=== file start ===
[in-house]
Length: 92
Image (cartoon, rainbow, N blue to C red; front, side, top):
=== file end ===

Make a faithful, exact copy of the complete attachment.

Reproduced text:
[in-house]
Length: 92
Image (cartoon, rainbow, N blue to C red; front, side, top):